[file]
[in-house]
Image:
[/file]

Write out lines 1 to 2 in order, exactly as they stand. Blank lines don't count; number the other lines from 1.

[in-house]
Image: